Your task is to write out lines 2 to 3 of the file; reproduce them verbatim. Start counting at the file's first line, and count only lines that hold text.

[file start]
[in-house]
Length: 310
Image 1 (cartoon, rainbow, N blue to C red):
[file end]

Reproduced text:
Length: 310
Image 1 (cartoon, rainbow, N blue to C red):